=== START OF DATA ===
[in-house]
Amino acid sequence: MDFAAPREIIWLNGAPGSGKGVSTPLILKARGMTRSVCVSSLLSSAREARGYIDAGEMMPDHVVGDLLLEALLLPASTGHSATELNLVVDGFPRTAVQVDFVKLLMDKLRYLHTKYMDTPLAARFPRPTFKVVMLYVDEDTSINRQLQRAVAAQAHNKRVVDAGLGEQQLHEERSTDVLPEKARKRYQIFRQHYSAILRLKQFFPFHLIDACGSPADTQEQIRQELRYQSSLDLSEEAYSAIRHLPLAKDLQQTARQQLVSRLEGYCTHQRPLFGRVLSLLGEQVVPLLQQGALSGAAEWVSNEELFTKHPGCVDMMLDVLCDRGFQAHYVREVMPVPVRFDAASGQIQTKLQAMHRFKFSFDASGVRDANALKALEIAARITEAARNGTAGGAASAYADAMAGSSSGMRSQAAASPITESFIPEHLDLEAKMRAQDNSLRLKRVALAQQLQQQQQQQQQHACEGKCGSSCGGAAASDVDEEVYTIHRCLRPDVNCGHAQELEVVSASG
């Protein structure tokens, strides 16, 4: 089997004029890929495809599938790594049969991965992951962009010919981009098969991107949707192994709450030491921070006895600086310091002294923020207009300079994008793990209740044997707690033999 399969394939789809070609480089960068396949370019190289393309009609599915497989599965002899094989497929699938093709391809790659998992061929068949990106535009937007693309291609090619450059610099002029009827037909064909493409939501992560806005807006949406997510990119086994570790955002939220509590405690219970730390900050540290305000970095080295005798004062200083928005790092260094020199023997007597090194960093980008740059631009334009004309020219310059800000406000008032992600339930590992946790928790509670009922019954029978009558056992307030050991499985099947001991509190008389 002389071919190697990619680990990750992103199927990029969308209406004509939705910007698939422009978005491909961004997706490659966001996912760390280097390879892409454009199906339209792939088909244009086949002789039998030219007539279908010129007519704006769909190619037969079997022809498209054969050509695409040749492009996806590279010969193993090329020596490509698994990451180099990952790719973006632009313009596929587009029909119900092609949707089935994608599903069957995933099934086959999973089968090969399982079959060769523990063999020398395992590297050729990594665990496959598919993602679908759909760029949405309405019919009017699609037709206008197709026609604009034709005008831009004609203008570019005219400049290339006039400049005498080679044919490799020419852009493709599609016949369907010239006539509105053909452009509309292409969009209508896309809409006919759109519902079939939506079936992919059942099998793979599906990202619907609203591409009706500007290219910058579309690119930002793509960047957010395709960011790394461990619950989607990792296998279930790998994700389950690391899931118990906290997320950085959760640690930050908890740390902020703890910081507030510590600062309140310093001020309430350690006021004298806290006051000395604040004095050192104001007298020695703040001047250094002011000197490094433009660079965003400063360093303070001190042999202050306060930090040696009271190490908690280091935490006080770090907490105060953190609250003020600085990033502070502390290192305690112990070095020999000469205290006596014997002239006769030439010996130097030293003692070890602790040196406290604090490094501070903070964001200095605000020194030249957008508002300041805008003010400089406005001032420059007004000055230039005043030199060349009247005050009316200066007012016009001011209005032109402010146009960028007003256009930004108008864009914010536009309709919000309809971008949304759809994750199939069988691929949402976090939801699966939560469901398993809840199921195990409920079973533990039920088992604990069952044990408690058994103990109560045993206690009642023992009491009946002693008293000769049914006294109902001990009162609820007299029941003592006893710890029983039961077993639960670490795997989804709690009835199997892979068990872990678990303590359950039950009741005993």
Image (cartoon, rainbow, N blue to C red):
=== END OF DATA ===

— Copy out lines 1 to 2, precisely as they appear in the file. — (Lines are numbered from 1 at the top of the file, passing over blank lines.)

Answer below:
[in-house]
Amino acid sequence: MDFAAPREIIWLNGAPGSGKGVSTPLILKARGMTRSVCVSSLLSSAREARGYIDAGEMMPDHVVGDLLLEALLLPASTGHSATELNLVVDGFPRTAVQVDFVKLLMDKLRYLHTKYMDTPLAARFPRPTFKVVMLYVDEDTSINRQLQRAVAAQAHNKRVVDAGLGEQQLHEERSTDVLPEKARKRYQIFRQHYSAILRLKQFFPFHLIDACGSPADTQEQIRQELRYQSSLDLSEEAYSAIRHLPLAKDLQQTARQQLVSRLEGYCTHQRPLFGRVLSLLGEQVVPLLQQGALSGAAEWVSNEELFTKHPGCVDMMLDVLCDRGFQAHYVREVMPVPVRFDAASGQIQTKLQAMHRFKFSFDASGVRDANALKALEIAARITEAARNGTAGGAASAYADAMAGSSSGMRSQAAASPITESFIPEHLDLEAKMRAQDNSLRLKRVALAQQLQQQQQQQQQHACEGKCGSSCGGAAASDVDEEVYTIHRCLRPDVNCGHAQELEVVSASG